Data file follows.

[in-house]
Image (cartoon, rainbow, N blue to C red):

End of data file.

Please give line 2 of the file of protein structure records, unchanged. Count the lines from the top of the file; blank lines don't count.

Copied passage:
Image (cartoon, rainbow, N blue to C red):